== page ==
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Re: disambiguation of properties: explicitly or by assumptions?

From: Enrico Franconi <franconi@inf.unibz.it>
Date: Fri, 2 Jan 2004 18:36:52 +0100
Message-Id: <407DEB73-3D4A-11D8-B3A0-000A9575BDDE@inf.unibz.it>
To: www-rdf-logic@w3.org

On 1 Jan 2004, at 02:20, David Martin wrote:
> A concern has come up that, with only declarations like the above, an 
> OWL reasoner can't be sure if these are all of the inputs of 
> OrderBook, or if these 2 inputs are distinct, or how many inputs 
> OrderBook has. And of course that's clearly true; the above 
> declaration is ambiguous on all of these points.
>
> It's also true that we could add in additional declarations that 
> remove the ambiguity.  For example, we could add a cardinality 
> restriction that says "OrderBook has exactly 2 Inputs", and we could 
> add a differentFrom statement that says "BookName and CreditCardInfo 
> are 2 different things".
>
> OK, some of us feel that we should add these additional declarations, 
> so as to avoid any possible confusion or malfunction in an OWL 
> reasoner that might be processing one of our knowledge bases.

I'm definitely on this side.

>  Others of us (myself included) feel that it's extremely unfortunate, 
> on practical grounds, to have to add in these "disambiguation 
> declarations".  To my mind, some of the reasons for this view are:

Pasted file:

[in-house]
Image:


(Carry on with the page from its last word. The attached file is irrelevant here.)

>
>     () For one thing, there's the issue of economy of representation: 
> the number of differentFrom statements could get to be quite large. 
> (For N inputs, (N choose 2) = (N * (N - 1)) / 2 differentFrom 
> statements are required.)
>     () While there are more economical ways of getting the same 
> disambiguation, they still tend to be cumbersome, inelegant 
> complications that obscure (from humans) what's most important about 
> the knowledgebase.
>     () No matter how you disambiguate, the presence of the 
> disambiguation declarations makes it harder and more complicated to 
> make changes to the knowledgebase.
>     () No matter how you disambiguate, these declarations also make it 
> harder and more complicated (or even impossible) to build on and 
> extend the knowledgebase in a modular fashion.

These are very reasonable objections. A simple solution, as you point 
out below, is to provide additional "front-end" assumptions that can 
simplify the management of the ontology.

> For those of us who are opposed to adding in the "disambiguation 
> declarations", it seems we could avoid doing so by stipulating a set 
> of assumptions, such as the "Unique Names Assumption" (UNA) that makes 
> them unnecessary.  Of course, the UNA by itself isn't enough.  In the 
> example above, UNA tells us there are at least 2 inputs, but it 
> doesn't tell us that's *all* there are.  Here it appears some form of 
> cardinality restriction is still needed.
>
> There appear to be 2 issues on which we need to get clear:
>
> (1) The technical question: is there some other assumption that could 
> be called upon to eliminate the need for a cardinality restriction, 
> **whose definition is clear enough and widely recognized enough to be